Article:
I looked online for a definition of the phrase “Ford-Talk,” so maybe it was a term that was coined internally within the last organization I worked for, or the broader Toyota Management System community.
It refers to a culture where managers who are called into a room by their boss give positive assessments of how their areas are doing. This was ascribed to an American carmaker, but I think it could apply to many American companies, relative to their Japanese analogues, where it is expected that failures are pointed out, so they can be fixed. As it is said, an assembly line that is reported as being 100% functional is one that is not functional because it is not finding mistakes and fixing them.
I thought of Ford-Talk when I read This article, which talks about the failure of managers to tell the CEO that things weren't ready. and this article, which dissects the CEO’s memo about the failures to staff and does a nice job of bringing Steve Jobs’ talents in working with the public to light.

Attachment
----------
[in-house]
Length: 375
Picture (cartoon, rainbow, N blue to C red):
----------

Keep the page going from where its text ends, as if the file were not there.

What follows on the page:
However, if articles like this one alluding to the inner workings of the company (“The Economist: Jobs’s Job”) are to be believed I think there may be a different perspective than, “the managers did not report that there were problems and luckily Steve owned the problem publicly so the company could regroup and succeed.”
What I have learned is even the most innovative environments may operate with a command-and-control approach, not by purpose, but by neglect. When that happens, the failure may be not to listen, rather than not to speak.
Did that happen here? I don’t know. The comment about managers failing to tell the boss something caught my eye as a Toyota Management System/LEAN aficionado and made me wonder if there was more to learn.
I am interested in stories like this because I’ve been working in healthcare to improve the listening. When we go from telling people, “You won’t hear anything from us if everything is normal (the ultimate Ford-Talk),” to listening to the question, “I just got my lab report and I have a question about this specific number” we’re more likely to pick up mistakes. It’s better to be embarrassed and change course quickly than wait in these individual cases, and when there is a bigger problem to ask “why?” the problem happened, five times. There may be more than a simple answer…..